click to enlarge bartlettimage-jimotti_s-7655.jpg

Rob Bartlett

Jimotti's is the izakaya your neighborhood wishes it had 

A yen for more

Junichi Takazoe is as confident a culinarian as they come, and with good reason. Stints at such restaurants as Nobu in Tokyo and Hamasaku in L.A. not only afforded plenty of opportunity for chop-honing, but also caught the notice of a certain ponytailed Iron Chef who snagged him for head sushi chef duties at Morimoto Asia. But when I ask him why he left his lofty position at the fancy Disney Springs joint, his back straightens, his lips purse and in a very unhumorous and severe tone he says, "Personal reasons."

Hey, Disney's loss is Sanford's gain as far as I'm concerned, even if his new izakaya venture – Jimotti's Restaurant – is situated in a gritty swath of the city (far from the oft-visited "historic district") inside a lingering architectural vestige from 1962 with an A-frame roof and long covered patio. Things don't get any more contemporary on the inside, either – certainly not with the menu, which only serves to minimize visual distractions.

There is a small bar from which Hitachino Nest beers flow to accompany trad renditions of "Japanese-style tapas," like deftly fried chicken kara-age ($8), which had my name on it (literally). Just as comforting: intensely flavored Kurobuta sausages and more delicate Sakura sausages served over a mustard sauce with pea tendrils and a beet slice. Simple, yes, but the dishes also exemplify Takazoe's focus on quality ingredients and technical precision. When we ordered grilled yellowtail ($16), he made it a point to tell us the fish is from Japan and, carbon footprint be damned, it was one of the most succulent I've had. Like ever.

If you ask for a signature item on the menu, Takazoe will tell you, in cocksure fashion, "all of them." Like I said, the man is as confident in his skills as he is with his ingredients. Just pop nigiri of silvery-skinned (and seriously fishy) gizzard shad ($4.50) into your mouth, or sashimi of toro ($9), or albacore dressed with sesame and ponzu and topped with crispy wonton skins ($14), and you'll likely be convinced. Even pedestrian spicy tuna rolls ($8) are carefully anointed with piquant sesame oil and layered with smelt roe and a secret blend of various chili peppers. Wasabi, by the way, is real and freshly grated (a privilege that'll cost you $10 at Morimoto Asia), and this in Sanford, I say. Sanford!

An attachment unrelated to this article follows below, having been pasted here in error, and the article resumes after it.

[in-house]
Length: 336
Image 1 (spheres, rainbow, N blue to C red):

Another in a string of delights: cha soba ($12.95). The buckwheat noodles are infused with the essence of green tea and come with tempura-fried potato, yam, zucchini, eggplant and shrimp, but the broth, which imparted a genteel sweetness to the gossamer-green noodles, was an absolute standout.

click to enlarge ROB BARTLETT
  • Rob Bartlett

Desserts aren't a priority here (there's no pastry chef), so if needs must, a scoop of black sesame ice cream with whipped cream will have to do the trick. If not, savor another glass of Hitachino Nest Anbai Ale ($8.50) and contemplate your return visit.

I have to say, I don't envy Takazoe trying to make a go of it alone on this less-than-desirable strip, and in a space currently up for sale, but I sure as hell respect his willingness and determination to elevate, diversify and expand the palates of the good folks of Sanford. "Jimotti," after all, is Japanese slang for "local people."

We welcome readers to submit letters regarding articles and content in Orlando Weekly. Letters should be a minimum of 150 words, refer to content that has appeared on Orlando Weekly, and must include the writer's full name, address, and phone number for verification purposes. No attachments will be considered. Writers of letters selected for publication will be notified via email. Letters may be edited and shortened for space.

Email us at

Orlando Weekly works for you, and your support is essential.

Our small but mighty local team works tirelessly to bring you high-quality, uncensored news and cultural coverage of Central Florida.

Unlike many newspapers, ours is free – and we'd like to keep it that way, because we believe, now more than ever, everyone deserves access to accurate, independent coverage of their community.

Whether it's a one-time acknowledgement of this article or an ongoing pledge, your support helps keep Orlando’s true free press free.


Never miss a beat

Sign Up Now

Subscribe now to get the latest news delivered right to your inbox.

Read the Digital Print Issue

April 7, 2021

View more issues


© 2021 Orlando Weekly

Website powered by Foundation